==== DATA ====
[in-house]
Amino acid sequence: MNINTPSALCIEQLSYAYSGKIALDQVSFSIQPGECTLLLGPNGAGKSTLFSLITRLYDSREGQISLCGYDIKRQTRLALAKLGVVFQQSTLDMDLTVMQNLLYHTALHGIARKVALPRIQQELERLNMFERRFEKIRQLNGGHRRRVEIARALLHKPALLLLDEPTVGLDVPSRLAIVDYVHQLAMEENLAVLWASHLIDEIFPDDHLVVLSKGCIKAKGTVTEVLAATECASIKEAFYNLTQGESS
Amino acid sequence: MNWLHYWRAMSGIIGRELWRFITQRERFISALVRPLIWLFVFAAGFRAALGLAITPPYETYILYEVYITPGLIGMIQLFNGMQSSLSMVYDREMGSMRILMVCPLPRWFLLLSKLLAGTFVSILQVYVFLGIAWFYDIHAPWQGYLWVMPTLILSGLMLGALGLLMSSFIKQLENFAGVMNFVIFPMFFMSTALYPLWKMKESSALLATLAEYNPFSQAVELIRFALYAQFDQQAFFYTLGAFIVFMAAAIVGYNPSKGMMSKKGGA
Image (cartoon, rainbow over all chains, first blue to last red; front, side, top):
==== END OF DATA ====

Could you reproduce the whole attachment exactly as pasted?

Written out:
[in-house]
Amino acid sequence: MNINTPSALCIEQLSYAYSGKIALDQVSFSIQPGECTLLLGPNGAGKSTLFSLITRLYDSREGQISLCGYDIKRQTRLALAKLGVVFQQSTLDMDLTVMQNLLYHTALHGIARKVALPRIQQELERLNMFERRFEKIRQLNGGHRRRVEIARALLHKPALLLLDEPTVGLDVPSRLAIVDYVHQLAMEENLAVLWASHLIDEIFPDDHLVVLSKGCIKAKGTVTEVLAATECASIKEAFYNLTQGESS
Amino acid sequence: MNWLHYWRAMSGIIGRELWRFITQRERFISALVRPLIWLFVFAAGFRAALGLAITPPYETYILYEVYITPGLIGMIQLFNGMQSSLSMVYDREMGSMRILMVCPLPRWFLLLSKLLAGTFVSILQVYVFLGIAWFYDIHAPWQGYLWVMPTLILSGLMLGALGLLMSSFIKQLENFAGVMNFVIFPMFFMSTALYPLWKMKESSALLATLAEYNPFSQAVELIRFALYAQFDQQAFFYTLGAFIVFMAAAIVGYNPSKGMMSKKGGA
Image (cartoon, rainbow over all chains, first blue to last red; front, side, top):